Santhosh G R <> writes:

>> > Clojure is a multi-paradigm language
>> no it's not, and it's most certainty not an OOP 
>> language:
> I hear about this everywhere. Is Clojure not a multi-paradigm language
> because that is the rationale for the language? For me - It supports
> functional programming. It supports object orientation, though it does
> not support object oriented constructs.

Clojure's Wikipedia article calls it multi-paradigm, which may be partly
where the confusion is coming from.  Funnily enough Wikipedia also claims
Java is multi-paradigm, having the four paradigms: generic, reflective,
imperative and object-oriented.  I wouldn't call this multi-paradigm as
these four things are mostly orthogonal and don't really constitute
different programming styles.

> Yep, definitely it does not encourage multiple paradigms, but it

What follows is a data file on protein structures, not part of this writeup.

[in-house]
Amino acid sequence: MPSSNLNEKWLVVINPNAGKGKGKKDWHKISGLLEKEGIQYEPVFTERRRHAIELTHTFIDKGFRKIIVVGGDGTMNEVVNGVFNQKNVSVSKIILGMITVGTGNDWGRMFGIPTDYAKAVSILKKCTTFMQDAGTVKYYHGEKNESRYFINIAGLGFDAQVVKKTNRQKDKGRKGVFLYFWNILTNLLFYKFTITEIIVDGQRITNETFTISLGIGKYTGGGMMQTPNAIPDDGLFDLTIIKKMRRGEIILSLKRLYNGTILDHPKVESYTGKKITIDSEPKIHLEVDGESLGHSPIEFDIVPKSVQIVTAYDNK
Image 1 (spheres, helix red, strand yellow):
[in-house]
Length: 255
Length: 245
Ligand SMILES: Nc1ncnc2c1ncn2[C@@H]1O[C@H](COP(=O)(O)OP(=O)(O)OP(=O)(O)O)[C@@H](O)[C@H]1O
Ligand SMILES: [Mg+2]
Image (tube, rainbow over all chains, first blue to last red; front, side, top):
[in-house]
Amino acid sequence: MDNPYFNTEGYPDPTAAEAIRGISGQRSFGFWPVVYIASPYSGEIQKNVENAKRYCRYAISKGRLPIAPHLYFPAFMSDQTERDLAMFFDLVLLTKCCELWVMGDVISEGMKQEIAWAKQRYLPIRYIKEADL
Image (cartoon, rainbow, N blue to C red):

> allows you to do so!

You can do object-orientation in C (see GObject), does that make it an
object-oriented language?  If so than every language is "multi-paradigm"
so the word is meaningless. ;-)

In my mind the difference between a multi-paradigm language and one that
is not is about what is idiomatic, rather than what is and is not
possible, as the latter always reduces to a Turing-completeness style
argument.  Classic examples of multi-paradigm languages are Common Lisp,
Scala and Perl.  Clojure is certainly not multi-paradigm in the same
sense that these languages are.  Clojure has a very strong style of its
own, which is definitely not imperative or object-oriented but neither
is it purely functional, but just because it doesn't fit perfectly into
one of the traditional categories doesn't make it's multi-paradigm.

Of course that's just my interpretation. :-)

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